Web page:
Twitter is having an IPO! Finance types are rejoicing, start-ups are hoping this means the heady days of 2000 are back again, and everyone is generally wondering what happens next. The short answer? Nothing good.
If you want to see what the general trajectory of Twitter will be, honestly all it takes is to look at the last big social media IPO: Facebook. Sure, you can argue that there’s no Zuckerberg running things, which is true, and that Twitter will not be dealing with the relentless cycle of privacy scandals and problems, which is also true.
But, in our coverage of Facebook, there’s a very distinct trajectory: Ads, and lots of them. Ads in your Instagram. Fifteen second video ads. Facebook ads creeping from the right hand side of the page into your feed. They’ve even stopped pretending it’s targeted advertising. Facebook is desperately trying to become Google without turning into AOL, and it’s because the wolf is sitting at the door.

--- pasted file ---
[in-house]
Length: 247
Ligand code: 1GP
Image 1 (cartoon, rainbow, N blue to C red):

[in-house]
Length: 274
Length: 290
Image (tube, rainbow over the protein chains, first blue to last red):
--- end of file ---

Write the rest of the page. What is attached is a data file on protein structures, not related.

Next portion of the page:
The problem is essentially this: For a business, especially a tech business, to grow and thrive, they have to be focused squarely on the future. Wall Street, on the other hand, wants quarterly results. It’s not good enough to just make more money than you spend: You have to keep making more money and spend less, and you have to prove you’re doing it four times a year.
Twitter is arguably worse off than Facebook in this regard; at least Facebook has a lot of opportunities for ads. What’s Twitter going to sell as advertising? Promoted Tweets? If anybody can get a free account, why pay Twitter?
Worse, a lot of the people investing in companies like Facebook are, not to put too fine a point on it, terrifyingly technologically illiterate. Mark Zuckerberg, in a shareholder meeting, had to explain what a hacker was and how Facebook worked. He had to explain his own product to the people who get to decide what it’s worth. And worse, they didn’t understand him. This is a terrible position for a company to be in.
It’s true that Twitter can’t live on investor rounds and Jack Dorsey’s Square money for the rest of time, but the IPO is, in the long run, a mistake. So, Twitter, for your own sake, shut it down. Or maybe just sell yourself to Apple.